What do you think?


Can introverts study abroad?

(photo by: best-thoughts-sms.blogspot.com)

Sure can and you know one who did –me! My name is Andrea and I’m a loud, proud introvert. Now just like anything in life, introverts come in all different flavors. There isn’t a one size fits all example of an introvert. The most basic and relatable definition of an introvert is someone who pulls their energy from within and not from others. As a result, many introverts (including myself) prefer to be alone (or with a small group of people) than in big crowds as we find them to be overwhelming. When you think of someone who is dreaming of studying abroad, you may not think of someone who prefers to be alone. But that is where you would be wrong. Many introverts are dreamers and although we are uncomfortable in big or new social settings, we desire that one day we may find one that doesn’t bother us. For me, I felt that opportunity was studying abroad.

Preparing to pack up my life to go 6,000 miles away from everyone I loved and everything I ever knew, I dreamed the biggest dreams. I was going to get discovered and become a top (albeit, short) fashion model- that surely would have me interacting with lots of people in all kinds of social settings; I was then going to be named the Face of France and get to meet President Nicolas Sarkozy; and of course despite little practicing of French outside of the classroom, I was going to be awesome in French, so awesome that I would randomly engage in deep philosophical debates with native French speakers- anytime, anywhere. I’m hoping you see the extreme far-fetchedness of these introvert fantasies. I always believed that my introvertedness was not a personality trait in me, but rather I wasn’t in the right place.


(photo by: www.hypeorlando.com)

When I arrived in Paris, it became quickly apparent that these things were not going to happen. It was then that I realized that it was not the place that needed changing, it was me. Now there is nothing wrong in being an introvert and in fact, many of its qualities may make the study abroad experience easier since you’re used to doing things alone. However, there are a few things to keep in mind as an introvert going abroad:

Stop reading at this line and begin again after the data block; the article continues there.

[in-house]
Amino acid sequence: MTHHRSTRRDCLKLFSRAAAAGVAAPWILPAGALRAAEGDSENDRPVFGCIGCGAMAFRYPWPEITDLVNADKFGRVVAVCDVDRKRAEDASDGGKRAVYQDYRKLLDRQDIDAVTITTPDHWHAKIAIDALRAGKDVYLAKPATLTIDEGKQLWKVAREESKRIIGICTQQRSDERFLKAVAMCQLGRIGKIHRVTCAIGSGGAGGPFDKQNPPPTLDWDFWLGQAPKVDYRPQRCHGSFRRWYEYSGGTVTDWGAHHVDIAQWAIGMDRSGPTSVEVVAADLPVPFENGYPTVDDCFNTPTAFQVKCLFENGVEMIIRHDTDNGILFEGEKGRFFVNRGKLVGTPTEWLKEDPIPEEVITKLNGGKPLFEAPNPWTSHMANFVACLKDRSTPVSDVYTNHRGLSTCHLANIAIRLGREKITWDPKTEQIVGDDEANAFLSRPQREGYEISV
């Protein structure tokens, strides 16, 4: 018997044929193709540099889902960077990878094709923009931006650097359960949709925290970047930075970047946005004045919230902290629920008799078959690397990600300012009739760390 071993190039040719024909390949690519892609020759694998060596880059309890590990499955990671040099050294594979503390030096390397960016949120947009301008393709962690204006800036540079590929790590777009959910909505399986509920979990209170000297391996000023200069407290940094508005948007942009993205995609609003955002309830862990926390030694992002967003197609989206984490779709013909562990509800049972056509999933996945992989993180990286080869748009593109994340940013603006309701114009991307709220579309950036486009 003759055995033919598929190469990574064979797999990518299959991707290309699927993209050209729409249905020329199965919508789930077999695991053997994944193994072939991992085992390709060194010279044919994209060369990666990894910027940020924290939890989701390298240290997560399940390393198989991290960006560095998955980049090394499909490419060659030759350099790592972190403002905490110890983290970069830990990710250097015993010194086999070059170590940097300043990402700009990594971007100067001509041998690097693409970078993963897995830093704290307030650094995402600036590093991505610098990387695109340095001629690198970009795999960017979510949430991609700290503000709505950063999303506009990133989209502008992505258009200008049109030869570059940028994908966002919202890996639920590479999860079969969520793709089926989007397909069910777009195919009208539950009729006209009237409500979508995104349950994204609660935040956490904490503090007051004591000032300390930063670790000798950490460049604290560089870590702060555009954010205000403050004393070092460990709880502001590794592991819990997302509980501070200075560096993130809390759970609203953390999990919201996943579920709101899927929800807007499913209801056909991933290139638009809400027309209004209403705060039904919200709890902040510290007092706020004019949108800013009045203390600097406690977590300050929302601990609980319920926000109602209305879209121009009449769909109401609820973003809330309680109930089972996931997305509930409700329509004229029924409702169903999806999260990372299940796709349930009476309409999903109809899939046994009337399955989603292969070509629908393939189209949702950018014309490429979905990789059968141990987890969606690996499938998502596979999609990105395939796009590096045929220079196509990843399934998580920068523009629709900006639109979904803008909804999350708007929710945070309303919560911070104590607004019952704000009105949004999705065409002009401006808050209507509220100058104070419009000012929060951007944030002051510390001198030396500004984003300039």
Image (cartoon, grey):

• As introverts, we are not eager to leave our comfort zone and prefer being alone. If you don’t put yourself in new social situations, it can be difficult to better your foreign language abilities due to not getting enough practice.
  • The whole point of studying abroad is to experience a new culture and group of people. If you are spending most of your time alone, you’re defeating the whole purpose of studying abroad.
  • For introverts, sometimes it’s easier to just be alone with our thoughts when we’re frustrated, sad, upset, lonely, missing home. Being alone is the worst thing to do when you have these feelings as they will only intensify in solitude.
  • The fact that you signed up to study abroad shows that you are not as introvert as you think and that when you challenge yourself and push yourself out of your comfort zone, you can do anything.
  • Don’t expect people to make conversation / friends with you first, especially the French. French culture is more reserved than and not as open as American culture. If you wait for French students to come up to you first, you’ll never make first contact.
  • Have an introvert coach. Ask someone who always gives you the spark you need to get things done to send you weekly “reminders” via text / SM / email to talk to fellow students, join clubs on campus, go out, and discover the culture and people who traveled to be with and experience.



(Don’t change these wonderful introvert qualities. Photo by: Nancy Dooren)

If you let your introvert qualities shine while you are abroad, you can face many hardships. I know because that’s what I did. I didn’t push myself out of my comfort zone as much as I should have and held firmly to my introvert ways. Introverts can study abroad but it is harder for us than our extrovert friends. Don’t let this discourage you. In fact, you would benefit from learning a thing or 2 from them. You don’t have to get rid of your introvert ways to study abroad, but you will need to challenge them to make the most of this experience.